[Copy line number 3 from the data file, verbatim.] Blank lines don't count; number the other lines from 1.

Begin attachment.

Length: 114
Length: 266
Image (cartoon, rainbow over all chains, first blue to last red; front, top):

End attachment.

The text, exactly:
Image (cartoon, rainbow over all chains, first blue to last red; front, top):